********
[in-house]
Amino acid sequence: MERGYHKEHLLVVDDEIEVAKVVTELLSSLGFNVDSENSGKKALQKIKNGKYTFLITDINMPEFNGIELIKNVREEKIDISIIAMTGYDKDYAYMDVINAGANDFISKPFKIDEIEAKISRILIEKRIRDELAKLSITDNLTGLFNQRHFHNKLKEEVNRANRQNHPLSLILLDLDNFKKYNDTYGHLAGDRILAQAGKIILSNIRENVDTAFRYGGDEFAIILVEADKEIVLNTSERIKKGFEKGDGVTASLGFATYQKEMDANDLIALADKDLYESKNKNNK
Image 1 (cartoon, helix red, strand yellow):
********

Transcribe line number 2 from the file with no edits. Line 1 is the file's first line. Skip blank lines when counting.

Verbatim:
Amino acid sequence: MERGYHKEHLLVVDDEIEVAKVVTELLSSLGFNVDSENSGKKALQKIKNGKYTFLITDINMPEFNGIELIKNVREEKIDISIIAMTGYDKDYAYMDVINAGANDFISKPFKIDEIEAKISRILIEKRIRDELAKLSITDNLTGLFNQRHFHNKLKEEVNRANRQNHPLSLILLDLDNFKKYNDTYGHLAGDRILAQAGKIILSNIRENVDTAFRYGGDEFAIILVEADKEIVLNTSERIKKGFEKGDGVTASLGFATYQKEMDANDLIALADKDLYESKNKNNK